Published: 2017-07-26

Clinical profile of patients with cutaneous disorders

Khileshwar Singh, Kamlesh Dhruv, Amit Thakur


Background: 50-75% of all the patients who are on dialysis suffer from significant xerosis. But the exact cause is difficult to trace. Acquired ichthyosis is seen in some patients. Atrophy of sebaceous glands is seen in patients with uraemia. Such patients also show overall decrease in sweet volume. Objective was to study the clinical profile of patients with cutaneous disorders.

Methods: A hospital based prospective study was carried out from September 2012 to February 2013 at a tertiary care centre of Late Baliram Kashyap memorial government medical college, Jagdalpur, Chhattisgarh, India. A total of 50 patients with cutaneous disorders were studied with respect to their clinical profile. Patients not willing to participate in the present study as per the protocol were excluded from the study. But patients giving their willingness to participate in the present study as per the protocol of the study were included in the study.

Results: The males constituted 58% of the total cases and the females constituted 42% of the total cases. Maximum patients were seen in the fourth and fifth decade of their life i.e. 24% followed by the age group of 31-40 years i.e. 22%. The most common cutaneous manifestation was pruritus in 24% of cases followed by xerosis in 16% of cases. Next most common cutaneous manifestation was Tinea versicolor inn 14% of cases followed by oral candidiasis in 8% of cases and scabies were seen in 6% of cases. Both among males and females, pruritus was the most common skin lesion seen.

Conclusions: The most common cutaneous lesion found in the present study was pruritus in 24% of cases followed by xerosis (16%), Tinea versicolor (14%), oral candidiasis (8%) and scabies in 6% of cases. Cases of nail changes, herpes zoster, Tinea cruris, hyper pigmentation, folliculitis, Exfoliative dermatitis, and Kyrle’s disease, Vitiligo, Melisma and Keloid were also seems.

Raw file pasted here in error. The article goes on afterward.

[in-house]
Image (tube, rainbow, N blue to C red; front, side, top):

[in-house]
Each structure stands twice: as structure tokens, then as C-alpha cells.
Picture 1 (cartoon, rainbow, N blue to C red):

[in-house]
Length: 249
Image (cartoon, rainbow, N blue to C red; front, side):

Clinical profile, Dialysis, Pruritus, Scabies Xerosis

Full Text:



Yosipovitch G, Hodak E, Vardi P, Shraga I, Karp M, Sprecher E, et al. The prevalence of cutaneous manifestations in IDDM patients and their association with diabetes risk factors and micro vascular complications. Diabetes Care. 1998;21(4):506-9.

Daghestani L, Pomeroy C. Renal manifestations of hepatitis C infection. Am J Med. 1999;106(3):347-54.

Muller SA, Winkelmann RK. Necrobiosis lipoidica diabeticoruum: A clinical and pathological investigation of 171 cases. Arch Dermatol. 1966;93:272.

Rosen T. Uremic pruritus: a review. Cutis. 1979;23(6):790-2.

Denman ST. A review of pruritus. J Am Acad Dermatol. 1986;14(3):375-92.

Gilchrest BA, Stern RS, Steinman TI, Brown RS, Arndt KA, Anderson WW, et al. Clinical features of pruritus among patients undergoing maintenance hemodialysis. Arch Dermatol. 1982;118(3):154-6.

Massry SG, Kopple JD. Uremic toxins: What are they? How are they identified? Semin Nephrol. 1983;3:263.

Knable AL. Cutaneous nephrology. Dermatol Clin. 2000;20:413-21.

Murphy M, Carmichael AJ. Renal itch. Clin Exp Dermatol. 2000;25(2):103-6.

Safrin S. Foscarnet therapy in five patients with AIDS and acyclovir resistant varicella zoster virus infection. Ann Intern Med. 1991;115:19.

Dawber RPR. Clinical association of vitiligo. Postgrad Med J. 1970;46:276.